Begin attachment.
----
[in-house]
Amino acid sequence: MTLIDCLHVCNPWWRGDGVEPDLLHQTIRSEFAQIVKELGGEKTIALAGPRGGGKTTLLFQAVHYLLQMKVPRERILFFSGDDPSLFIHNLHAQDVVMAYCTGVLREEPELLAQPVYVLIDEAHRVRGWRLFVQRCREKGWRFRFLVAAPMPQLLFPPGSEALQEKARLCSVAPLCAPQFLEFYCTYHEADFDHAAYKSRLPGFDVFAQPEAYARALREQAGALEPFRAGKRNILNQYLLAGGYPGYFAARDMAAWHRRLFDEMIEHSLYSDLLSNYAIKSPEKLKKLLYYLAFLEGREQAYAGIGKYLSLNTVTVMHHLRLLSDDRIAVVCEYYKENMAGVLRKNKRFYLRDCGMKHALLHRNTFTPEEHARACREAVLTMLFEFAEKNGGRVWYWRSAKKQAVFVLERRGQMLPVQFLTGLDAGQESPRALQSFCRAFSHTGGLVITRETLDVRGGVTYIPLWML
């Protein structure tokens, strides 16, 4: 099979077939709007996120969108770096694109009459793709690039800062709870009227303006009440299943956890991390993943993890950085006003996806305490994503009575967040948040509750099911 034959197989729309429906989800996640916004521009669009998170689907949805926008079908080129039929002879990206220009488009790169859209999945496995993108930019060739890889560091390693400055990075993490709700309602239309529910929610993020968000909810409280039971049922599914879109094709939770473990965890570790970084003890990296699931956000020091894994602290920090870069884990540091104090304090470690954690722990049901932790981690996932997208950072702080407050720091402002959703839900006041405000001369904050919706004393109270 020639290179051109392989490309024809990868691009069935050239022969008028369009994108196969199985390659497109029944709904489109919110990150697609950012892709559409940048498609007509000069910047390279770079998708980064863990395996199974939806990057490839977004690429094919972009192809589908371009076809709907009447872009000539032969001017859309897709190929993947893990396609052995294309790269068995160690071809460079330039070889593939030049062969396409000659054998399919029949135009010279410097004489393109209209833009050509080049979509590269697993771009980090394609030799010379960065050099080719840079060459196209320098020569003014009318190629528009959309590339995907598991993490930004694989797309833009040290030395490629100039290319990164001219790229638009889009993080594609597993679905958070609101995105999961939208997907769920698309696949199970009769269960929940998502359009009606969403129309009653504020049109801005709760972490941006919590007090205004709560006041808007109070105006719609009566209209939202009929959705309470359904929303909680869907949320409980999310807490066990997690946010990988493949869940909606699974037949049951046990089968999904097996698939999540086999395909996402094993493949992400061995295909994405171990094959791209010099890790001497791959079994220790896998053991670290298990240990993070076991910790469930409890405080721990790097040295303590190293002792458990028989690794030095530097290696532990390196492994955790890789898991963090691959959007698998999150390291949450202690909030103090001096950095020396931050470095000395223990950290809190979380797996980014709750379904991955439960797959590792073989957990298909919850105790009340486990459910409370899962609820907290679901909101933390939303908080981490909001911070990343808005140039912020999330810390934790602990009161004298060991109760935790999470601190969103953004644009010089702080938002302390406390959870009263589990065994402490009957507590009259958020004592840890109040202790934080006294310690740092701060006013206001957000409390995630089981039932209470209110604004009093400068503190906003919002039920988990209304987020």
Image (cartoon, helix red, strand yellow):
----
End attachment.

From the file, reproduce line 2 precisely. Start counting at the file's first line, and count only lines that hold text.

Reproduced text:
Amino acid sequence: MTLIDCLHVCNPWWRGDGVEPDLLHQTIRSEFAQIVKELGGEKTIALAGPRGGGKTTLLFQAVHYLLQMKVPRERILFFSGDDPSLFIHNLHAQDVVMAYCTGVLREEPELLAQPVYVLIDEAHRVRGWRLFVQRCREKGWRFRFLVAAPMPQLLFPPGSEALQEKARLCSVAPLCAPQFLEFYCTYHEADFDHAAYKSRLPGFDVFAQPEAYARALREQAGALEPFRAGKRNILNQYLLAGGYPGYFAARDMAAWHRRLFDEMIEHSLYSDLLSNYAIKSPEKLKKLLYYLAFLEGREQAYAGIGKYLSLNTVTVMHHLRLLSDDRIAVVCEYYKENMAGVLRKNKRFYLRDCGMKHALLHRNTFTPEEHARACREAVLTMLFEFAEKNGGRVWYWRSAKKQAVFVLERRGQMLPVQFLTGLDAGQESPRALQSFCRAFSHTGGLVITRETLDVRGGVTYIPLWML